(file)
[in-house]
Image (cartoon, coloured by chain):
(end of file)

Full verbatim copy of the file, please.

[in-house]
Image (cartoon, coloured by chain):